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Florida Judge Rejects Lottery Cultivation Scheme

Cannabis Plant against a purple and blue background


Florida Judge Rejects Lottery Cultivation Scheme

Photo by Mendez Enrique

Florida’s notorious Amendment 2 may have failed at the election box, but the state has an existing medical cannabis law that has gotten little press outside of its boundaries. The CBD-only law, SB 1030, passed the Florida Assembly in May and the state Department of Health (DOH) has until Jan. 1, 2015 to implement the bill.

The law is painstakingly specific with respect to how cannabis should be grown in Florida, establishing “five dispensing organizations to ensure reasonable statewide accessibility and availability as necessary” and further stipulating that growers “must possess a valid certificate of registration issued by the Department of Agriculture and Consumer Services.”

But, it becomes even more specific than that, stating the agricultural registration must be issued “for the cultivation of more than 400,000 plants, be operated by a nurseryman… and have been operated as a registered nursery in this state for at least 30 continuous years.”

This culling factor left a pool of 75 nurseries that could potentially apply for permission to grow cannabis in Florida. Obviously, not all nurseries were interested in becoming cannabis cultivators but there were still a sizeable number of companies interested in joining the green rush to become among Florida’s first legal cultivators. How to choose which ones? Amazingly the DOH decided to conduct a lottery.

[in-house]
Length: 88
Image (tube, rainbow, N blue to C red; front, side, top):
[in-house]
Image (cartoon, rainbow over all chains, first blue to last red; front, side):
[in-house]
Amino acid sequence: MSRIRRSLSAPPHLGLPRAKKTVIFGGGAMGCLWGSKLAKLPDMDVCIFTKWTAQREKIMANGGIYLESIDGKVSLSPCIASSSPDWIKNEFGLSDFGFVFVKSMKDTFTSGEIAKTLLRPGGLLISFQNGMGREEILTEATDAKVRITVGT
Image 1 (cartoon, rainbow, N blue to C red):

The plan came under immediate fire and, inevitably, a lawsuit was filed. Costas Farms, Plants of Ruskin, Three Boys Farm and the Florida Medical Cannabis Association argued that the Department of Health exceeded its authority by proposing a lottery and on Nov. 14 Judge W. David Watkins of the Florida Division of Administrative Hearings agreed, dismissing the lottery idea as “arbitrary and invalid.”

The Watkins ruling is a relief to many who viewed the lottery scheme as a disaster.

“The department has to write measurable standards in selecting the five licensees,” said Florida Medical Cannabis Association’s executive director, Cerise Naylor. “You can’t throw somebody who is only marginally eligible into the bag.”

Removing the specter of cannabis cultivation by chance is generally agreed as a good thing by most but the ruling does effectively nullify five months of work and promises to delay the start of Florida’s Compassionate Medical Cannabis Program. There are some who feel that is the point. Florida’s Surgeon General, and head of the DOH, spoke against the bill last spring and legislators who sponsored the bill report the Department was unwilling to work with the Assembly in drafting the legislation.

Why they persisted with the lottery when there was so much public input against it is beyond me,” said Rep. Katie Edwards (D-Plantation), one of the original sponsors of the bill.

The patients, as usual, seem to be the last on anyone’s list of people to consult. One parent of a child with intractable epilepsy told a Sarasota TV channel, “The state of Florida officially doesn’t want anything to do with medical marijuana, I think that’s pretty clear.”

What do you think about Florida’s decision? Tell us in the comments.

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